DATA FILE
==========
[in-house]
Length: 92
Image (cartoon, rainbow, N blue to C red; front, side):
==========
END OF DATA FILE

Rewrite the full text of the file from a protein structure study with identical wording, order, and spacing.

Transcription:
[in-house]
Length: 92
Image (cartoon, rainbow, N blue to C red; front, side):